The everyday applications we use on our phones still run on the old electrical infrastructure. They all use central servers and corporate identities (about 70 people on average), and they all have companies that own all the data generated by their products/customers. This needs to change.
The new Internet, or Web 3.0, is creating a new infrastructure and new ways to move and store data. By removing centralized servers, giving Internet identities to public rather than corporate blockchains, and giving users the choice of how they store their data, applications are part of a new power movement. With a decentralized Internet, the popular phrase “if it’s free, you’re a product” can finally be refuted. How can this be done? Because Web 3.0 is a global movement, not a corporation.
It has always been thought that the Internet was a vast decentralized and intelligent network that no one controlled, like our universe, our brains, our oceans, and now our cultural movements. Decentralized social networks are already in development, with decentralized versions of Twitter, LinkedIn, and WhatsApp in the works.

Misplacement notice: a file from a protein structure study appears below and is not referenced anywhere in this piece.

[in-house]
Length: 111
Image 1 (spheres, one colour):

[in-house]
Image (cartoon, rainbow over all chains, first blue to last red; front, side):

The year 2021 marks the beginning of the end of the old power of the Internet. In my opinion, this cannot happen soon enough.
This article does not contain investment advice. There are risks associated with every investment and trading transaction, and readers should do their own research before making a decision.
The views, thoughts and opinions expressed in this document are solely those of the author and do not necessarily reflect those of Cointelegraph.
Donald Bullers has worked in the technology industry for over 10 years, from Vice President of Digital Marketing to founder of Tuum Technologies. He is interested in digital identity and Web 3.0 and leads several teams developing software for a fully decentralized Internet using Elastos technology.